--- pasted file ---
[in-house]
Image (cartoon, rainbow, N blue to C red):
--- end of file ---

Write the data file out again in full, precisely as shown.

[in-house]
Image (cartoon, rainbow, N blue to C red):